NCPA - National Center for Policy Analysis


April 9, 2009

On Monday, Defense Secretary Robert Gates announced a significant reordering of U.S. defense programs.  His recommendations should not go unchallenged, say Thomas Donnelly, a resident fellow, and Gary Schmitt, a resident scholar, both with the American Enterprise Institute.

In the 1990s, defense cuts helped pay for increased domestic spending, and that is true today.  Though Gates said his decisions were "almost exclusively influenced by factors other than simply finding a way to balance the books," the broad list of program reductions and terminations suggest otherwise, say Donnelly and Schmitt. 

Consider a few of the details of the Gates proposals:

  • The termination of the F-22 Raptor program at just 187 aircraft inevitably will call U.S. air supremacy -- the salient feature, since World War II, of the American way of war -- into question.
  • The U.S. Navy will continue to shrink below the fleet size of 313 ships it set a few years ago; the number of aircraft carriers will drop eventually to 10.
  • Gates has promised to "restructure" the Army's Future Combat Systems (FCS) program, arguing that the lessons of Iraq and Afghanistan have called into question the need for new ground combat vehicles.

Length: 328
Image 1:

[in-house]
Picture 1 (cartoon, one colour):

• The proposed cuts in space and missile defense programs, including the termination of the Airborne Laser and Transformational Satellite programs -- the most promising form of defense against ballistic missiles -- reflect a retreat in emerging environments that are increasingly critical in modern warfare.

Gates justified these cuts as a matter of "hard choice" and "budget discipline."  The budget cuts he is recommending are not a temporary measure; rather, they are the opening bid in what, if the Obama administration has its way, will be a future U.S. military that is smaller and packs less wallop, say Donnelly and Schmitt.

Source: Thomas Donnelly and Gary Schmitt, "Obama and Gates Gut the Military," Wall Street Journal, April 7, 2009.

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